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An investigation into methods to develop indicators to measure injury related impairment
  1. Pauline Gulliver,
  2. Colin Cryer,
  3. Gabrielle Davie,
  4. John Langley
  1. Injury Prevention Research Unit, Dunedin School of Medicine, Dunedin, New Zealand
  1. Correspondence to Pauline Gulliver, Injury Prevention Research Unit, Dunedin School of Medicine, PO Box 913, Dunedin, New Zealand; Pauline.gulliver{at}


Objective To investigate whether valid indicators of injury-related impairment could be developed based on data from a New Zealand national no-fault accident insurance scheme.

Design The feasibility of (1) developing impairment related indicators using insurance data directly, and (2) deriving diagnosis specific probability of impairment measures based on hospital discharge data were investigated.

Setting The source data were lump sum payment data for permanent impairment arising from an injury event between 1 April 2002 and 31 October 2006, and hospital discharge data for injury events between 1 April 2002 and 31 December 2005.

Main outcome measure A threat of impairment measure was developed that was based on a list of International Classification of Diseases codes (version 10) which, if assessed would attract a lump sum payment for permanent impairment, and would almost always be expected to be admitted to hospital.

Results A group of approximately 80 diagnoses satisfying the above criteria were identified. The trend in age standardised injury rates for the threat of impairment indicator is consistent with the trend for the New Zealand threat to life indicator.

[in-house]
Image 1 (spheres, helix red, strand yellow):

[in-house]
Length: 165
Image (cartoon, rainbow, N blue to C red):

Conclusions This work has provided a method for the development of hospital discharge-based serious threat of impairment injury indicators. This is an important first step in developing a comprehensive package of (threat of) disability indicators.

  • Indicators
  • impairment
  • injury outcomes
  • disability
  • methods
  • surveillance

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  • Funding The Accident Compensation Corporation, Shamrock House, 81–83 Molesworth St, PO Box 242, Wellington, New Zealand provided the funding for this research project. Views and/or conclusions in this paper are those of the project team and may not reflect the position of the ACC.

  • Competing interests None.

  • Ethics approval This study was conducted with the approval of the Accident Compensation Corporation ethics committee.

  • Provenance and peer review Not commissioned; externally peer reviewed.